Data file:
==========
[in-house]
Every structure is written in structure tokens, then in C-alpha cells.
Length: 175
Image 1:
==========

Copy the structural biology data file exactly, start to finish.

[in-house]
Every structure is written in structure tokens, then in C-alpha cells.
Length: 175
Image 1: